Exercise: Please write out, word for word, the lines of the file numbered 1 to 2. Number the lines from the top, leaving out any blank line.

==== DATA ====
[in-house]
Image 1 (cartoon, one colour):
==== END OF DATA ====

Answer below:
[in-house]
Image 1 (cartoon, one colour):